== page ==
Some early consoles like the NES and the Sega Master had a horizontal screen resolution of 256.

That sounds good for an 8-bit machine, until you consider that a sprite sometimes needs a slightly negative position in order to be partly off the left side of the screen. (Consider e.g. the bad guys in Super Mario Bros, who move onto the screen from the right, and if you and they miss each other, end up moving off the screen to the left.) The upshot is that you need to track an extra bit for sprite positions. Not a huge problem, but it's got to be annoying being so close to being able to track positions in one byte, and just missing the mark.

It would seem that by reducing the resolution to 248, you could represent positions in one byte, without making any discernible change in the quality of the display. Why didn't they do this?

  • 1
    Both the NES and the Master System have a common VDP/PPU parent in the TMS9918a (the Master System a lot more explicitly), which goes some way to explaining the similar design decisions.
    – Tommy
    Commented Apr 9, 2018 at 12:42

4 Answers 4


The NES did not use an extra bit for sprite positions. A sprite's X-position was the position of its left edge, which means that sprites cannot be placed partially off the left side of the screen:

enter image description here

However, the NES did actually provide the feature you're suggesting, in a way: bits 1 and 2 of the PPUMASK register can be used to keep the leftmost 8 pixels of the screen blank. This not only allows sprites on the left side to be hidden, but also helps to reduce the mirroring glitches on the sides of the screen in some games.

As an example, here's a screenshot of Super Mario Bros. 3:

enter image description here

It's especially obvious in areas where the background color configured in the PPU palette is different from what we humans would consider the background color:

enter image description here


256 is the maximum number of pixels per row, but most games used fewer. Using fewer pixels allowed for partially off-screen sprites with only 8 bits of position information.

Most hardware of that era allowed some flexibility with screen resolutions. While the timing for the display (PAL or NTSC) was fairly well nailed down, the programmer could choose to start or end the actual display of pixels earlier or later on each scanline, and earlier or later in the vertical refresh cycle.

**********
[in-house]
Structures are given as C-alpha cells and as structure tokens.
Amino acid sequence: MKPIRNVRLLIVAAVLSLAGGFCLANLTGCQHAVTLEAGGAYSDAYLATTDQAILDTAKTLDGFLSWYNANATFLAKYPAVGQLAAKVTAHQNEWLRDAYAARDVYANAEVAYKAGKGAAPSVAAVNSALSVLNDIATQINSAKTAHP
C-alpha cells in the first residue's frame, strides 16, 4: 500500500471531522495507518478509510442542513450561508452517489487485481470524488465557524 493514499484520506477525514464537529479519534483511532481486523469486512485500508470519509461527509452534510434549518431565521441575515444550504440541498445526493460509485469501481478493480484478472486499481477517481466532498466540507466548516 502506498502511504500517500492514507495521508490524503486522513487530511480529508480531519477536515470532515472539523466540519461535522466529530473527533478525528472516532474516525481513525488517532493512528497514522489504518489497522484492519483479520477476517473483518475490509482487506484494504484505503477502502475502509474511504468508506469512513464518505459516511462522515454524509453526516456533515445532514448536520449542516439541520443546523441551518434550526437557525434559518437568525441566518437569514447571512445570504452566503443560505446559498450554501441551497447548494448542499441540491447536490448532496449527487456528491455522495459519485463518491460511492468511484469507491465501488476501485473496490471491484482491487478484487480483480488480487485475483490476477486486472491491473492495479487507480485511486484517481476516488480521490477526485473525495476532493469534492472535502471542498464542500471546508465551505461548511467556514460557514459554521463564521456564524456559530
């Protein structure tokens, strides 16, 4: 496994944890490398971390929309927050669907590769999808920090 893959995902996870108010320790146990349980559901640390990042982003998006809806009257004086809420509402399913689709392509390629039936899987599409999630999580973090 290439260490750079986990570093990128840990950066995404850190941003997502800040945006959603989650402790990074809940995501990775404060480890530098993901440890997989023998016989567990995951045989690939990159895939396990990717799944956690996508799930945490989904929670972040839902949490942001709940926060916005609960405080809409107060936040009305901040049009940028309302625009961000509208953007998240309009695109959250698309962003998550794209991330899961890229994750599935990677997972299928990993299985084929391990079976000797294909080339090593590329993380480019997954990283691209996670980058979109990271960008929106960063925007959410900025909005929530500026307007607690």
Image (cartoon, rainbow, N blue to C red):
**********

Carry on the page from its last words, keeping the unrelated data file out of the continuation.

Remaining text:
• 1
    I think that the NES and SMS don't have that much flexibility, despite it being common on many home micros. Both can subtract a column or two and the SMS has hard-coded split modes, where either or both of the right 64 pixels and the top 16 pixels don't scroll while the rest of the screen does. All cases of a programmer opting to display fewer than 256 pixels though, so this is a long-winded agreement.
    – Tommy
    Commented Apr 9, 2018 at 17:31

the stuff you are describing has nothing to do with x resolution selection. In the 8 bit era CPUs didn't have mul , div instructions so computing *,/ was really expensive. That is why the x resolution is usually power of 2.

That allows to compute pixel address from x,y coordinates using just basic ALU operations. For example on 256 pixels per line and 1 Byte per pixel and LFB:

address = screen_start + x + (y<<8)

the screen is usually on some base address (not colliding with lower bits of screen range) so in such case you might rewrite to

address = screen_start | x | (y<<8)

and even the bit-shift can be replaced by adding/oring with higher BYTE instead.

Now back to your problem. Handling 16 bit x position is much faster than handling non power of two x resolution screen rendering. As you manipulate the x,y few times per frame but rendering sprites wold require expensive computations on per scan line of each sprite.

  • 2
    NES had a Ricoh reimplementation of a 6502, sans BCD instructions. SNES had a Ricoh 5A22 processor, based on the 65C816, again the 6502 family but newer. This one did have 16 bit registers though.
    – nexus_2006
    Commented Apr 9, 2018 at 10:11
  • 1
    @nexus_2006 hmm than which was with Z80 (SEGA and Nintendo perhaps) I mistaken them with?
    – Spektre
    Commented Apr 9, 2018 at 14:15
  • 2
    @Spektre of consoles with 256 pixels across, the Z80 was in the ColecoVision and the Master System, and was also in the Mega Drive as the sound processor but could own the whole bus if a Master System cartridge was in use. It's also in the Game Gear and an 8080 derivative with some backported Z80 features powers the Game Boy. So maybe your mental Nintendo association is from the latter? Talking only about consoles, the 6502 and close derivatives were used in the Ataris (from the 2600 up to and including the Lynx), the NES, the SNES and the PC Engine.
    – Tommy
    Commented Apr 9, 2018 at 17:24

In addition to the above explanations re: sprites actually only having 8 bits of position resolution, the first column blanking option etc, the NES - and others following its same general design - actually had another, simpler, more physical tactic to address the problem: Overscan.

The pixel generator clock, derived from the NTSC colourburst crystal by some particular divider, was conveniently just slow enough that, on a "normally adjusted" CRT television (calibrated with the standard test card and other tools), the console couldn't quite show a full 256 pixels within the visible borders of the tube / bezel. ISTR your likely visible width being rated as somewhere around 240 to 252 pixels depending how well in-spec your TV is, and it being more likely that things would disappear off the left than the right due to the NES timing. Which is why on-screen text rarely goes all the way to the edges, despite how low resolution it already is.